In the second episode of this current season of Community, Jeff stands up in the middle of a cafeteria on the brink of destruction in order to appeal to the rioting Greendale student body’s collective self pity with the phrase, “The teachers here are teachers here because they did something wrong. Same as the students.”
Episode four (titled “Cooperative Polygraphy), which begins with the study group returning from the funeral of our dearly departed Pierce Hawthorne (Chevy Chase), pits every living member of the original Greendale Seven against special guest star Walton Goggins (playing the ruthless-on-the-outside attorney Mr. Stone) and a polygraph test in order to prove that none of them did something super wrong, namely: Murder their late Baby Boomer classmate.
The six survivors and Chang all agree to submit to what Abed describes as “the pie fight of cop movies,” and we all buckle down for 22 minutes (plus commercials) of what Community does best: A bottle episode.
The polygraph test begins with a first act of calibration. With Pierce’s energon pod on the table where he would normally be sitting, his spirit descends on the room in classic Hawthorne-ian fashion. Mr. Stone begins to systematically pick away at the smaller lies that go unsaid in the group, largely embarrassments that necessarily need to go unsaid to keep everyone’s feelings unhurt and implications that they all have motivations to kill their friend.
Chang, who seems like the most openly insane and therefore least assailable in the group is asked point blank whether or not he has masturbated in the study room and calls it quits, throwing his polygraph sensor to the Study Table Mk II at which point it’s clear that the ghost of Pierce is up to the tricks he was so fond of in life.
This becomes obvious to everyone in the room once they all have some surface lies on the study table, and Mr. Stone lays down the stakes for everyone, assuring them that any suspect who fails to complete the lie-detector test will forfeit anything the crappy old millionaire left them in death.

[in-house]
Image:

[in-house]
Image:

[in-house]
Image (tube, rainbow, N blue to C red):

The first act closes with everyone putting their sensors back on and agreeing with Jeff that they don’t want to do play this sick game with their dead friend, that they’re better than it, to which the polygraph technician says, “They’re all lying.”
Pierce has roped them into a classic Hawthorne emotional death maze as the first real round of questioning goes around, doled out by Stone who is now sitting in Pierce’s usual seat. Britta was high on marijuana at Shirley’s son’s baptism (“At least with a bris there’s an element of suspense.”) Jeff keeps sexual trophies of his conquests, including Britta’s underwear that he had previously told her was stolen by a hawk, Annie has once drugged them all so that they could ace an exam, causing Abed to stay awake for three days.
Troy admits to killing Pierce (“Lie.”) After which we learn that the classic friend handshake he does with Abed from a video blog called Fun for Friends.
Abed, not surprisingly, has placed geosynchronous tracking devices on all of his friends (in places that they will never find) so that in the event of their abduction they don’t have to worry about banging on the lid of a trunk to get attention. He is also Catfishing Annie under the Facebook account of Olympic pole vaulting hopeful Brent Underjaw. Shirley thinks everybody is going to Hell (“Well you are!”) and refers to the group as “those people” when it’s just her and Troy. She also has been feeding Britta a tofu substitute called “meat-fu” in order to save money at her sandwich shop.